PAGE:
All batteries have advantages and disadvantages and these make them more
suited to different tasks. Some of the following battery types are the
ones that are used for a particular purpose anyway (eg, hearing aid batteries),
but you may find the reasons interesting. Others are battery types that
I personally recommend. Rows with a light
blue background are applications ideal for low self discharge (LSD) NiMH
cells like the Sanyo Eneloop, which gives an indication of just how versatile
they are. For these coloured rows it makes sense if low self discharge
NiMHs are your first choice.
NiMH cells from Energizer are not recommended, in particular their 2500
mAh cells. They deteriorate very quickly, and may only give a dozen cycles
before their self discharge increases to the point where they will be
completely flat within a week of being charged. It's possible that Energizer
does this deliberately, leveraging the strength of their brand name to
convince consumers that NiMH cells are not worth using, and thereby encourage
people to use their primary cells (alkaline, lithium) instead. Energizer
does not make a low self discharge NiMH cell – they must be about the only battery company in the world not to now.
Recommended Battery Type
Reasons and Other Notes
Alkaline or silver oxide button or lithium coin
Low current drain. Small battery size. Good shelf life. Alkaline
and silver oxide cells are often interchangeable (for the same size
cells) – silver oxide will last longer but are more expensive and
harder to find.
Silver oxide cells with W or SW on the end are intended for use in watches, with the W cells lasting a little longer than the SW cells.
Alkaline or perhaps
NiCd or NiMH
rechargeable if you use it a lot
High current drain situation. It really depends
on how much current your flash uses (which may not be very easy
to measure) and perhaps how often you want to change your batteries.
Another consideration is how fast you want your flash to cycle
(how fast it will get ready for the next shot). Lithium iron disulfide
and rechargeables (Sanyo Eneloop in particular) hold their voltage much better under load, so
a flash will cycle faster.
(requiring AA batteries)
LSD NiMH rechargeable
Lithium iron-disulfide as a backup if not using LSD NiMH
NiMH cells can give high current, have high
storage density, and capacity is not much reduced under heavy load.
Reusability makes them very cost effective. LSD cells, especially high quality ones like Eneloop, tend to have a slightly higher voltage under load, which is good for voltage-fussy cameras.
For cameras that are
used often, go for the largest LSD capacity available, preferrably Eneloop XX. (Note: Apparently
Energizer ACCU Rechargeable NiMH AA cells are wider than standard
and may get wedged in your digital camera.)
For cameras that may
be used irregularly or infrequently go for Sanyo Eneloop or other LSD NiMH battery. Their
low self discharge will mean the batteries still have plenty of
life in them when the camera is next used, thereby eliminating a major frustration for many users!
For single use batteries nickel zinc/nickel oxyhydroxide batteries
rate a mention since they perform quite well. NiOOH cells
from various companies outperform modified alkalines, but don't
bother with expensive NiOOH cells - they won't perform any better
than less costly ones (sadly the inexpensive GP Digi1 is no longer available).
Although modified alkalines (such as Duracell Ultra or Energizer
e2) have been designed for this sort of high current
use I don't actually recommend them for ongoing digital camera use
because they won't last as long as a single charge of NiMH cells
or NiOOH single-use cells, so using them on a regular basis will
be very expensive. However, if your NiMH cells go flat while away
from your charger, modified alkalines will do a reasonable job as a temporary
If modified alkalines are not available and you're desperate, use
one of the top brands of normal alkaline battery (eg, Duracell,
Energizer). The cheaper brands have been known to struggle to give
enough juice for more than a handful of photos.
Low current application, but a high storage density means the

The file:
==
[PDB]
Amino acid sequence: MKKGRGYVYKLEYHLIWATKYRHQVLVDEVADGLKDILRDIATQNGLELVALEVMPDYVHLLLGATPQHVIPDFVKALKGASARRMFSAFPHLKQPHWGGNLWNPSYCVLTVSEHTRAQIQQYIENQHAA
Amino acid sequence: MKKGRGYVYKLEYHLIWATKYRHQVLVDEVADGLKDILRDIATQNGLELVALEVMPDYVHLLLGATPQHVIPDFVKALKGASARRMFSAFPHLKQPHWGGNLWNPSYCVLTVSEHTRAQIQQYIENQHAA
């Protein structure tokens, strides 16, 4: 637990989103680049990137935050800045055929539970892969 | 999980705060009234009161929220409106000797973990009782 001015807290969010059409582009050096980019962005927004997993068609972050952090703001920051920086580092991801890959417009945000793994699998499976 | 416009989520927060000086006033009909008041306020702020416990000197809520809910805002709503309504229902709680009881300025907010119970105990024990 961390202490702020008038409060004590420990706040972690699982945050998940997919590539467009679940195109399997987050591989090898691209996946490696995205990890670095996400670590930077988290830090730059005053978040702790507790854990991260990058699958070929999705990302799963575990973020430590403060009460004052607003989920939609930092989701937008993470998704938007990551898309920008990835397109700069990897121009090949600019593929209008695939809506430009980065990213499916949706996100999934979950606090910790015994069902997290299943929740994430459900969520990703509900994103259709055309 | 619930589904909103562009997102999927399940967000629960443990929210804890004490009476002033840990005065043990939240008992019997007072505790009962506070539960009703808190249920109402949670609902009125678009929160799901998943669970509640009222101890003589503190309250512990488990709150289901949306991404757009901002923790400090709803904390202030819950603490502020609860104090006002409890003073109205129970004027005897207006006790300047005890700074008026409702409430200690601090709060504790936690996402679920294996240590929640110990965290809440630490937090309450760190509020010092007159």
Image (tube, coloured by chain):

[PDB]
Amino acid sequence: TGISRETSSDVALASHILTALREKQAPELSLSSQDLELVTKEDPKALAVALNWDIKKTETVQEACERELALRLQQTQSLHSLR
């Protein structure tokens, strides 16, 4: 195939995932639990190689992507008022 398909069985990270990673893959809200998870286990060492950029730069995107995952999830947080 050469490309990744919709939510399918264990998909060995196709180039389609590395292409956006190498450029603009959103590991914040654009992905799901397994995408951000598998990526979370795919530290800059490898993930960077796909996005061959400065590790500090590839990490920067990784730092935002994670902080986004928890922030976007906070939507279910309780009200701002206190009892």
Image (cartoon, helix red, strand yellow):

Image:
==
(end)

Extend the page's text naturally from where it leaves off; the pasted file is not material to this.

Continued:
battery won't have to be changed very often. Interestingly, most
of the locally available sizes of hearing aid batteries cost the
same, although there's quite a difference in capacity. This tends
to indicate the manufacturing and distribution costs are significantly
greater than the cost of the raw materials, or maybe it's just supply
Portable power supply
Sealed lead acid
For the capacity of the batteries, cost becomes an important consideration.
20Ah (for example) rechargeable batteries are prohibitively expensive
in anything except the SLA chemistry.
Alkaline or modified alkaline if NiMH not available
Moderate current draw. Modified alkaline may be
better if the device is particularly power-thirsty, but probably won't
be worth the extra expense for most equipment.
If the equipment is used frequently LSD NiMH cells will be much less expensive. If the item is used infrequently with alkaline cells left in it, check them to make sure they're not leaking.
Solar garden light
Despite having low capacity compared to NiMH, NiCd actually has
a more robust chemistry behind it. That means they can tolerate
the environment and duty cycle (a daily charge) better than NiMH
cells would. They also tolerate overcharging by a continuous trickle
charge better than NiMH cells, which they might get from the solar
panel on a long sunny day.
Because the solar panel probably won't give a complete charge (especially
in winter or on cloudy days) it can help if you periodically remove
the cells and give them a complete charge on a proper NiCd charger.
Clean all contacts before reinstalling.
Expect them to last about three years. They do wear out eventually. Recycle them when they do wear out, don't just throw them away.
Whatever works, whatever you can find, whatever
you can afford.
Note that most torch bulbs are rated in increments of 1.2V, not
1.5V. In other words, your five D cell Maglite will have a 6V bulb,
not a 7.5V bulb. A twin AA torch bulb is rated at 2.4V not 3V. This
means that with new alkalines, torch bulbs are run slightly overpowered. That's
alright - if they burn out early, replacement bulbs are normally
pretty inexpensive. It also means that rechargeables (with their
even voltage output) are well suited to torch bulb ratings.
Also, rechargeables have a flatter discharge curve than alkaline
or zinc-carbon, so non-regulated
lights will maintain a more even brightness until they go flat.
Torch/flashlight, emergency use
(eg, only used in power cuts)
3rd gen. Eneloop
The reasonably long shelf life of alkalines (when kept cool) means you will have power when
you need it, while lithium cells have a very long shelf life, and
cope with cold conditions extremely well.
Zinc-carbon batteries do not have a very good shelf life, so most
of their useful life will have expired before you use the torch,